March 6, 2015
Deb Brammer, author of 5 fiction books, 1 biography, and 2 Bible study books, mixes her passion for writing with a passion for ministry. Her extensive ministry resources and fiction works reflect more than 35 years of ministry in Taiwan and New Zealand. Deb has written consistently for Christian publication during her entire missions ministry. Join us NEXT WEEK for my interview with Deb Brammer, but for now read how Deb says Janette Oke, 9-11, and social media all have had an impact on Christian Publication over the years. 




Q: How has writing changed in the thirty-five years you’ve been writing?


Deb Brammer's Answer:
I tend to think of this in decades. In the 1980’s I started writing articles for publication on my typewriter. Much of the time I aimed at one article a month. I found a publisher that liked my articles and quickly built a foundation of published articles and stories.

Christian fiction was very limited before 1980, but Janette Oke’s Love Comes Softly changed everything. It astonished Christian editors with its unexpected overnight success. Suddenly Christian publishers were hungry for fiction, especially prairie romance. Some were putting out new titles every month. In the rush to publish, quality fiction was mixed with inferior fiction. Readers slowed their buying and some writers got stuck with manuscripts they’d been asked to write, but couldn’t sell. Great opportunities to publish opened up in the early 80’s, but dried up quickly halfway through the decade. Publishers turned to other genres like mysteries and fantasy and writers tried to follow the trends. Manuscripts started flooding the desks of editors.

Moving into the 90’s, most Christian publishers were refusing to consider manuscripts that didn’t come from agents. Now writers were not only concerned about good writing, but marketing their books to agents, who would then try to market them to editors. 
I had written a book in the 80’s that I had had professionally critiqued with favorable comments. I kept revising and submitting the book, without success. Those were the days of printed manuscripts and envelopes and stamps. With each submission I had the long waiting period of sending manuscripts one by one and waiting for replies. In the meantime, I wrote Peanut Butter Friends in a Chop Suey World. This kids’ book was easy to write because I was basically living the book on an adult level. BJUP bought it and published it in 1994. I only had to worry about the writing of that book. Publishing and marketing were completely out of my hands. The book sold well, better than any of my other books have. It has now had been printed seven times.

By 2000 we had the internet and writing for publication was changing quickly. The tragedy on 9-11-2001, for reasons I don’t understand, really hit Christian publishers hard. Readers quit buying as much Christian fiction and publishers couldn’t take the risks they had taken before. It became harder even to find an agent who would consider your book. At the same time, it became far easier to self-publish. The stigma of self-publication began to fade as some well-known authors turned to self-publication in order to gain higher royalties. Soon the success of a writer started depending less about his writing ability and more about how well he did social media and marketing.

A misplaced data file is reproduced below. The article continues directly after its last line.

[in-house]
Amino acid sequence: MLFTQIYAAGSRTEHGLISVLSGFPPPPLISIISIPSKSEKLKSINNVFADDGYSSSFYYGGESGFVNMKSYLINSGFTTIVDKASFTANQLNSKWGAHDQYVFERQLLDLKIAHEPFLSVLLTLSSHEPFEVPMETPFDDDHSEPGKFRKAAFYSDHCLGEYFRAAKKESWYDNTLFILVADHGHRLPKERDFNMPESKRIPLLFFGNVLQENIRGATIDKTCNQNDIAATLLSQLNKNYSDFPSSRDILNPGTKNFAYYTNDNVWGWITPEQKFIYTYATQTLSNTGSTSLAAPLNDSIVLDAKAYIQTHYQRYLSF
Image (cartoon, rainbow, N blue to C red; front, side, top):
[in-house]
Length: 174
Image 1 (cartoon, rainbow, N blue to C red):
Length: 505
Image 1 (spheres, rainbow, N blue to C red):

BJUP published Two Sides of Everything in 2004, and two of my other books in that decade, but I could see they were slowing down, too, in what they would accept, even of my books after they had already published four of them.

Today anyone can publish his own book. Many new authors publish, not because they are ready, but because they can. Vast numbers of writers write one book. Some of these are poorly written, but a few of the author’s friends buy his book and he can say he’s a published author. Self-publication can work well because it pays much higher royalties than traditional publishers and gives control over the book’s content completely to the author. The author doesn’t have to spend years trying to find an agent for his book who then has to market it to a publisher. On the other hand, the author loses the safety net of an editor who helps him hone his work until it becomes good enough to sell. Today’s writer’s job is not finished when he finishes writing the book. Now he has to market the book. He needs a website and a blog and needs to keep up on several forms of social media so readers can find him.

In December of 2010 I first heard Mary Weaver’s story. I felt it was a story that needed to be told. I returned to the States in 2011, wrote a book proposal, and attended a writer’s conference to try to find an interested editor or agent. When I told Mary’s story to people in general I sensed huge interest, but every editor and agent refused to even consider it. They all agreed on two things. The story happened too long ago and Mary wasn’t a celebrity. Sensing God leading us forward, I knew it was time to consider self-publication. Now I’ve self-published Mary’s story, a companion Bible study book, and just recently, my first adult fiction book, a cozy mystery called Broken Windows. Now I’ve joined the ranks of writers who are forced to continually grow in social media and marketing skills. I don’t know where I will go from here, but I’m trying to establish a foundation for selling adult fiction so that I can continue to write well into retirement.

Find out more about Deb Brammer and her works: 
Website and blog - Her blog includes subjects of interest to writers as well as people in ministry.

Join us next week as we hear more from Deb about her journey as a writer.  


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